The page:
A poll from SMB marketplace Accredited Supplier suggests that Microsoft risks losing Microsoft Office share amongst UK small businesses.

Accredited Supplier conducted a survey of 1400 existing Microsoft customers and found that nearly 15% of respondents were ready to switch to Google Apps.  That clearly is the risk:

Respondents considering switching to Google Apps (from Microsoft Office):
13% Switching
29% Not aware of Google Apps
22% Undecided
36% Not switching
Source: Accredited Supplier, 2009

Now for the opportunity, which is unlikely to be news to Microsoft:

Preference for accessing business applications through a browser:
34% Prefer browser
28% Strongly prefer browser
12% No preference
8% Unsure
18% PC software
Source: Accredited Supplier, 2009

The reason that customers are considering the move to Google Apps appears to be linked to how the applications are accessed and interacted with.  The published survey results do not point to dissatisfaction with Microsoft office or cost concerns, although these may be contributing factors.  The data does show that respondents want a SaaS access mechanism to their business applications, office productive suites included.

Microsoft has been working on this problem for some time, and the existing Office Life Small Business offering is a step in the right direction.  The missing piece with Office Live Small Business is the hosted office productivity applications.  That missing piece is crucial, and Microsoft needs to fill it soon. Today, Office Live Small Business lets users share documents, but the actual editing of documents requires a desktop install of Microsoft Office.  Microsoft knows this needs to change, least it cede its small business share to Google and others.

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PS: I should state: “The postings on this site are my own and don’t necessarily represent IBM’s positions, strategies or opinions.”

TechCrunch is reporting that the free version of Google Apps, Standard Edition, is no longer being actively marketed. Google Apps includes Gmail, Google Talk, Google Calendar, Docs & Spreadsheet, Page Creator and Start Page. There was previously a no charge Standard Edition and a Premier Edition for $50/user/year.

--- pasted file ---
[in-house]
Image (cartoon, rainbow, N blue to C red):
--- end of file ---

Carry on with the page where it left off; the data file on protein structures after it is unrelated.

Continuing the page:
The confusion and panic is somewhat funny and interesting; well, for someone whose data isn’t entirely beholden to Google. I say “entirely” because my personal email is stored somewhere on the Gmail servers. But I digress.

In any case, it seems that Google has shifted from offering Standard Edition free for anyone, including businesses, to offering Standard Edition free only for non-businesses. Although any user, business or non-business can still hit the Standard Edition page and register for the Standard Edition offering for free. Well, at least for now.

So why all the fuss?

Two key concerns arise from reading the comments on the TechCrunch story. First, there is the general “how dare Google take away my free lunch” sense of anger. Second, and more interesting, readers are asking “what happens to my data?”

The free lunch argument is understandable, but hey, everyone has bills to pay, even Google.

The concern about data sitting in Google Apps is much more worrisome. Data portability, or the cost of exit, as Alfresco’s John Powell schooled me on, continues to be increasingly important day by day. The Cloud/SaaS proponents haven’t really addressed this to the degree that users feel comfortable with their ability to move from vendor A to vendor B and bring their data along easily. But you could easily argue that this is no different than traditional enterprise applications.

It’s somewhat surprising how much we’re willing to trade off freedom tomorrow for productivity today, a point that Redmonk’s Stephen O’Grady makes. The “Google Apps for Business” FAQ makes no mention of how one would ever migrate their company’s data off Google Apps. As a buyer, I’d like to know that the vendor has at least thought of this and provides some tools. It would give me a sense of comfort with my purchase decision. As a user, who isn’t paying Google a dime, I should also care about the cost of exit, but I’m willing to set aside those concerns for the free lunch they’re providing me. At least for now.

What about you?

Follow me on twitter at: SavioRodrigues

PS: I should state: “The postings on this site are my own and don’t necessarily represent IBM’s positions, strategies or opinions.”